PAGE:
Collaboration is Critical – the Tools Make it Happen

Posted on April 18, 2013 by Scott Goss

 

Anyone who has ever worked on a large project knows how important collaboration is to the team members and outside entities – it is the lifeblood of good project management. We are involved in some very complex projects with large teams and a diverse range of professionals and specialists – engineers, planners, surveyors, architects, scientists, analysts – the list goes on. Collaboration is vital if we are to communicate effectively and get the desired result in the proper time frame and within the prescribed budget. But how?

 

With dozens of organizations working on different assignments with individual timelines and priorities, it’s a little like a team building a skyscraper with a prescribed set of shared tools and information. Unless there are some great tools at everyone’s disposal, you won’t get the desired results.  When we are part of these complex teams, we use FTP sites, SharePoint, and ProjectWise to help solve these issues. Without them, collaboration on a major roadway structure in a complex multi-agency effort would be impossible. Projects like these evolve rapidly and the design drawings change throughout the day, every day.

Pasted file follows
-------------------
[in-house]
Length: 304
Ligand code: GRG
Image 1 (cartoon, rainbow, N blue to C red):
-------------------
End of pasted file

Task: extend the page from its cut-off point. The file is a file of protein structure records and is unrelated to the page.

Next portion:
If you’ve never used these tools, I recommend you start by checking out the ones we use on a regular basis – you might find some you like better but these will certainly do the job. ProjectWise is a great tool for organizing the AutoCAD information. It allows you to get the latest data every time you open a drawing! A word of caution for people new to using this type of tool. Sometimes when you work in an ever-changing landscape, drawings should not be shared because the changes are trial balloons/concepts and not ready for sharing. This can make the evolving design information actually harder for non-core team members, especially those working on related or overlapping projects but directly on your design.

 

SharePoint and postings on FTP sites have been staple tools for many years and provide ‘snapshots in time’ in dated folders so we can track and control the information we are sharing.  However, these too can be a double-edged sword but ultimately they yield more value than issues, although at times the margin on that return seems pretty slim.  We have to provide enough information and in a timely enough fashion to avoid unnecessary re-work by design partners. This is all while deciding how many updates are reasonable and which ideas are not ready for prime time.

 

As we try to continually pull order out of chaos, these are a few of the tools that can help disparate teams collaborate efficiently.

 

 

 

 

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